“So it comes about that, paradoxical as it may seem, a Latin prose or a geometry problem, even though they are done wrong, may be of great service one day, provided we devote the right kind of [negative] effort to them. Should the occasion arise, they can one day make us better able to give someone in affliction exactly the help required to save him, at the supreme moment of his need.”

May you become a mystical conspirator, allowing your attention-breath to permeate Hell.


elucidating three problems forgotten. Laruelle, Mystique non-philosophique, 35: “Future mysticism elucidates three problems forgotten by philosophical mysticism, also known as ‘mystic-world.’ That of the One, the cause of all mystical posture, which is no longer the Good but the vision-in-One or the Man-in-person, of which God is the symptom. That of the properly mystical subject, who is no longer the religious or philosophical creature but the ‘Son of Man-in-Man’ or the ‘Future Christ.’ Finally, that of the World, which is no longer theology or even metaphysics but the World of their mixture as mixture: Hell.”

World-Buddhism and World-Mysticism will designate these traditions as they function in current discourse and practice; namely, as systems compromised by capitalist and neoliberal values. So, for instance, Tero Nauha speaks of “The capital form of thought”—buddhism under capitalism, mysticism under capitalism—a form which “is economic, sufficient, and productive” of a particular Authoritarian World. (See, Tero Nauha, “Speculation on Artistic Research and Performance in The Context of Immanent Capitalism,” Ruukku Journal, website, We can add to those features a few tell-tale signs of neoliberal subjectivity, such as vulnerability, resilience, adaptivity, self-help, and compelled positivity. (See, David Chandler and Julian Reid, The Neoliberal Subject: Resilience, Adaptation and Vulnerability (London: Rowman and Littlefield, 2016.)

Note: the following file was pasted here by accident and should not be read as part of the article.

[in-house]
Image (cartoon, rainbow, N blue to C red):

Theorem of non-transferable phenomenon. This is my transmutilation of Laruelle’s Theorem 0: or the Transcendental Theorem, On Nontransferable Identity:“ Nothing can, except through illusion, substitute itself for man and for his identity. And man cannot, except through illusion, substitute himself for philosophy, for the Other, etc. Man is an inalienable reality. There is no reversibility between man and philosophy.” François Laruelle, “Théorèmes de la Bonne Nouvelle,” in La Décision philosophique, 1 (May 1987): 83-85. This was translated as “Theorems of the Good News” by Alexander R. Galloway, who made available to me a copy of this difficult to obtain text. 

dangerous heretic. From the New York Times book review of Simone Weils’, Gravity and Grace, trans. Emma Crawford and Mario von der Ruhr (London: Routledge, 1999 [1947]), front matter blurb.

autosuggestion. Simone Weil, Waiting for God, trans. Emma Craufurd (London: Harper Perennial, 2009), 195; Pascal’s method, 70; greatest of all efforts, 111; So it comes about that, 115.